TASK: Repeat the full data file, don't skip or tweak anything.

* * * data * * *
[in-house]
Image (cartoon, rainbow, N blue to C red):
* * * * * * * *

[in-house]
Image (cartoon, rainbow, N blue to C red):